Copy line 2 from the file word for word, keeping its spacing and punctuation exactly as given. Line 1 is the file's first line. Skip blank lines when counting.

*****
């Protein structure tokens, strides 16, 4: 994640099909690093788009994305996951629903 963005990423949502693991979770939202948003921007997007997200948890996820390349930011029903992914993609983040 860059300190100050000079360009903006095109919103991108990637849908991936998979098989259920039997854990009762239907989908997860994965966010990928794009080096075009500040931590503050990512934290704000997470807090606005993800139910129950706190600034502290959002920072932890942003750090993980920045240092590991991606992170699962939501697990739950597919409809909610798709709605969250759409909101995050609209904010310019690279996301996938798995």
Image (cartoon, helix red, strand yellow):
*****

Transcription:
Image (cartoon, helix red, strand yellow):